One very important point about whey protein: for a supplement, make sure you use whey protein isolate, not whey protein concentrate. Whey protein isolate is virtually lactose and fat free; many lactose-intolerant people can still use whey protein isolate because it contains only a minuscule amount of lactose. Also, whey isolate checks in at a sturdy 90-97+% protein, whereas whey concentrate contains only 70-80% protein. Simply put, whey protein isolate is a purer protein, and the best protein you can put into your body after a hard workout.

    Hammer Whey and the whey protein used in Recoverite is a pure un-denatured whey protein isolate of the highest quality. It is 97.7% pure, and virtually fat-free (0.5 g fat/100g), and carbohydrate-free (0.5 g lactose/100g). The whey protein isolate in Hammer Whey and Recoverite delivers rich immune-enhancing beta-lactoalbumins and alpha-lactalbumins. Hammer Whey has a unique profile of highly bioavailable protein with immune factors, potent branched chain amino acids (BCAAs), lactoferrin, and immunoglobulins. Independent laboratory tests show the PDCAAS (Protein Digestibility Corrected Amino Acid Score) for the whey protein isolate in Hammer Whey and Recoverite is a whopping 1.14, a score that exceeds all of those reported for egg, milk, caseinates, and soy protein.

    Glutathione: The key to optimal immune system support & recovery

    Glutathione is a tripeptide consisting of the amino acids glutamic acid, cysteine, and glycine. It is one of the three endogenous (naturally occurring in the body) antioxidants, the other two being catalase and superoxide dismutase. Many researchers rate glutathione as the number one antioxidant. Ward Dean, MD, a leading nutritional scientist, in his brilliant article “Glutathione: Life-Extending Master Antioxidant, addresses the importance of glutathione, stating that Glutathione is present in nearly all living cells, and without it they can’t survive& glutathione has major effects on health at the molecular, cellular and organ levels.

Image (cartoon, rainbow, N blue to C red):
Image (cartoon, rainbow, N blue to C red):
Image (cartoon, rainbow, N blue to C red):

One of the most important steps we can take to improve our recovery is to enhance/optimize body levels of this important antioxidant, and one of the best ways to do that is by consuming whey protein. Whey protein contains excellent levels of all three of the amino acids that comprise glutathione, as well as high levels of the sulfur-containing amino acid methionine. The two sulfur-containing amino acids (cysteine being the other) are particularly important for proper immune system function and the body’s production of glutathione. In addition, the amino acid glutamine has also been shown to help raise glutathione levels (both Hammer Nutrition whey protein products, Hammer Whey and Recoverite, contain high amounts of glutamine).

    Bottom line: Adequate glutathione in the body will enhance your recovery and support optimal health.

     

    © 2009, Endurance Marketing Group. This information is copyright protected. Please feel free to distribute this information as long as this copyright notice and EMG’s phone number and/or URL are included. Content must remain unchanged and original authorship acknowledged.